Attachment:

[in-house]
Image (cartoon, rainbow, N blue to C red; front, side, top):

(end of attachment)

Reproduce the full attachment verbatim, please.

[in-house]
Image (cartoon, rainbow, N blue to C red; front, side, top):